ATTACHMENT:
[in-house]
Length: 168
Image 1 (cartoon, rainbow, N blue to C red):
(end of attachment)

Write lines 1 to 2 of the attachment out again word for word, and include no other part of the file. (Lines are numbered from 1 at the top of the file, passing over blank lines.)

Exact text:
[in-house]
Length: 168